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Urgent need to address a surge in family violence-fuelled homelessness

Homelessness Australia 2 mins read

A new report reveals a growing crisis of women and children fleeing domestic and family violence into homelessness prompting calls for an urgent funding package to provide pathways to safe housing. 


Homelessness Australia’s Homelessness and domestic and family violence: State of Response Report for International Women's Day analyses Australian Institute of Health and Welfare data to find 45 per cent of women and girls seeking homelessness assistance do so due to family and domestic violence. 


It finds that over the last decade:

  • the number of women and children sleeping rough or in a car at the end of homelessness support more than doubled, from 1,041 to 2,428

  • the number of women and children couch surfing at the end of support more than doubled from 3,465 to 7,214. 


And in the past year alone, the number of women and children sleeping rough or in a car after receiving homelessness support increased by 23%.


The report notes that lack of access to safe housing prevents many women from escaping violence and pushes women back to violent homes. The last Personal Safety Survey revealed that more than 20,000 women experiencing violence wanted to leave but were unable to because of  a lack of money or financial support, and more than 13,000 women said lack of money or having nowhere to go was the reason they returned to violence. 


Homelessness Australia proposes the Federal Government deliver a suite of measures to address the problem in the imminent National Housing and Homelessness Agreement, including increasing homelessness support, investing more in Safe at Home programs, increasing Commonwealth Rent Assistance (CRA) and delivering more social housing.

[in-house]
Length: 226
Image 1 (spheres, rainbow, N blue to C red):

Kate Colvin, CEO of Homelessness Australia, said: “Thousands of Australian women are faced with an impossible choice - return to a violent home or confront homelessness. This is not a decision anyone should be forced to make, yet it’s happening more and more.


“Pathways to safe housing are the missing piece in the Government’s response to family violence, but can be addressed in the soon to be released five-year National Housing and Homelessness Agreement.


“This International Women’s Day it would be refreshing to see real action to fix a desperate, parlous situation that puts the lives and safety of too many women and girls at risk.


“Australia is a wealthy, sophisticated nation. We can and must do better.”


Jocelyn Bignold OAM, CEO of McAuley Community Services for Women said: “Every day we work with women who have suffered trauma in a violent relationship who then suffer more when they become trapped in homelessness. With the right early intervention supports many women would never become homeless and could safely remain in their home.” 



For interviews: Nick Lucchinelli 0422 229 032

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